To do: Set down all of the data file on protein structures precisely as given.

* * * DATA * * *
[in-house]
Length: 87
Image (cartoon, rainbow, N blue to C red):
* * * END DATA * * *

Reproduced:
[in-house]
Length: 87
Image (cartoon, rainbow, N blue to C red):